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Scots students ‘finding it harder to secure place at Scottish university’

The University of St Andrews
The University of St Andrews

It is increasingly difficult for Scots to get a place at university in Scotland, a new report detailing “significant challenges” facing the higher education sector has found.

Public spending watchdog Audit Scotland has carried out its first major review of higher education, with its report highlighting a 6% real terms cut in the amount of cash universities receive from the Scottish Funding Council (SFC).

While the Scottish Government provided more than £1.7 billion to universities and students in 2014-15, the report said institutions are “placing increasing reliance on generating income from fee-paying students from the rest of the UK and outside the European Union”.

As a result it has become “more difficult in recent years for Scottish and EU undergraduate students to gain a place at a Scottish university”, the report said.

“The main reason for this is that applications have increased at a greater rate than increases in the number of funded places available for Scottish and EU students,” the report said. “Applications have increased by 23% since 2010, yet the number of offers made by universities has increased by only 9%.”

With ministers having committed to ensuring a fifth of university students come from the poorest areas by 2030, Audit Scotland warned if this is to be achieved without an increase in funded places, it “will likely mean fewer students from less deprived backgrounds being offered a university place”.

Students from Scotland and other EU countries are entitled to free tuition under the SNP administration’s flagship education policy, but from 2012-13 undergraduates from England, Wales and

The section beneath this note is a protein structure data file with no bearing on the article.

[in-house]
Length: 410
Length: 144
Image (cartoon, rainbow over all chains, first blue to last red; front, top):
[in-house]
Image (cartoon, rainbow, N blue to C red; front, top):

Northern Ireland have had to pay fees of up to £9,000 a year, while the charges for international students from outside of Europe can be as much as £47,200 a year.

With Audit Scotland saying the sector faces “a number of significant challenges”, including the possibility of further cuts in Government funding, the report highlighted the “increasing reliance” universities have on fee-paying students to boost their incomes.

Audit Scotland said: “Universities need to continue generating surpluses and reserves and making efficiency savings to fund capital costs and subsidise some of their activities. They are placing increasing reliance on generating income from fee-paying students from the rest of the UK and outside the European Union.”

Of the 232,570 students at Scottish universities in 2014-15, 66% were Scottish, the report said, adding that “the student population is becoming increasingly international”.

At Scotland’s four “ancient” universities – Aberdeen, Edinburgh, Glasgow and St Andrews – just under half (48%) of students were from Scotland.

The offer rate – the proportion of applicants offered a place – for Scottish students from universities north of the border has fallen from 57% in 2010 to 50% in 2015.

In contrast, the offer rate for international students from outside the EU in 2015 was 63%, with the rate for applicants from England, Wales and Northern Ireland ranging between 56% and 58%.

Last year almost one in five Scots (19%) applying to university did not receive any offers from a Scottish university, up from 15% in 2010.

Audit Scotland is now recommending the Government and the SFC “undertake and publish research on trends in applications, offer rates and acceptances for Scottish university places to assess what impact the limits on funded places are having on access to the university system for Scottish and EU students”.

Caroline Gardner, Auditor General for Scotland, said: “Given the growing pressures on public finances, the Scottish Government must be clear about its priorities for higher education and how it will target public funding to support those aims. It also needs to work with the Scottish Funding Council and universities to plan for addressing the challenges ahead.”